Space is a premium for most storm water designers, so getting the highest pollutant removal with the least amount of constructed area is desirable. Within the Municipality of North Perth, ON, Canada, a conservation district steward wished to reduce the pollutant load washing into a pond within a park the district encompasses.
The concern was that sediment and gross solids had the potential to over-burden the small pond and reduce the effectiveness of its ability to serve as a sink for fine solids and be a recreational asset in the park. Here, pre-treatment was the primary function. A small structure with a Turbo Plate array and a Snout would meet the needs to preserve the pond and remove larger particles out of the water before it entered the pond. For this application, a 1,200-mm ID man- hole with a 1,200-mm sump; a 300-mm inlet and outlet pipe with a TP18 array; and an18R Snout covering the outlet pipe were chosen.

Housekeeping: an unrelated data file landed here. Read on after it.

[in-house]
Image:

Whether serving as a primary or pre-treatment purpose, reducing the structural footprint of a water quality improvement vault by using Turbo Plates to reduce flow energy can result in saved space and lower costs.
For the past two years, Best Management Products Inc. (BMP) has been developing a method to reduce turbulence and velocity inside a storm water structure with a sump. Designers have been asking for ways to increasing sediment capture in these structures to boost the utility of existing infrastructure. Offline sump catch basins with Snouts—mean- ing there is only an outlet pipe—already have shown total suspended solids (TSS) reductions in excess of 70%.
A solid deflector plate directs flow from an incoming pipe to perforated plates, thus both the flow path is lengthened, and the surface area that the flow moves past is increased. The resulting drop in velocity and turbulence yield a significant increase in sediment capture and retention.